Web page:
Martinelli Filho, J.E.; Colwell, R.R.; Queioz, A.F.S.; Rivera, I.N.G., and Lopes, R.M., 2020. Vibrio cholerae O139 attached to zooplankton: Reservoir diversity and distribution over an estuarine-coastal gradient. In: Malvárez, G. and Navas, F. (eds.), Global Coastal Issues of 2020. Journal of Coastal Research, Special Issue No. 95, pp. 92-96. Coconut Creek (Florida), ISSN 0749-0208.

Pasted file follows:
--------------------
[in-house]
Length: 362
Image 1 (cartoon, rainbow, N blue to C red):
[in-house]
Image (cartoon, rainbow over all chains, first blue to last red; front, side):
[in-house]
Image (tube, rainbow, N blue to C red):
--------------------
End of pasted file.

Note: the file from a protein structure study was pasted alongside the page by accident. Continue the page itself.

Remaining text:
Some Vibrio cholerae strains are potentially pathogenic and harmful to humans, most belong to toxigenic serogroups O1 and O139. These bacteria have many natural reservoirs and are frequently found attached to phytoplankton and zooplankton. However, the dynamics of the association between V. cholerae and zooplankton and the distribution of V. cholerae over coastal and estuarine waters and between the many biological reservoirs has proven to be of interest. Zooplankton comprise a highly diverse community and V. cholerae is known to attach mainly on crustaceans, although serogroup O1 may colonize diverse planktonic taxa including foraminiferans, polychaete larvae, and fish eggs. In order to understand the distribution of V. cholerae O139 in coastal areas and the diversity of potential zooplanktonic reservoirs, the presence of the bacterium on 43 taxa from 9 distinct phyla over an estuarine-coastal gradient in the southeast Brazilian coast was investigated during July 2005 to March 2006. Plankton was collected with a 300µm mesh net, which was washed onboard between each tow. Detection of V. cholerae O139 was assessed in whole samples and for selected taxa by DFA and DVC-DFA (Direct Fluorescence Assay and Direct Viable Count) methods. V. cholerae O139 was present in most of the estuarine samples (77%), being less common on inner shelf samples (63%) probably due to higher salinity, although a larger sampling design would be needed to test this hypothesis. Our findings suggest the occurrence of an inshore-offshore gradient for V. cholerae O139 distribution in zooplanktonic reservoir, as well as new sites for V. cholerae O139 attachment, like echinoid larvae, appendicularians, and thaliaceans. Monitoring these bacteria in cholera outbreak areas should include analyses of planktonic communities, since that may be an important natural reservoir and would ensure safety of coastal urbanized areas.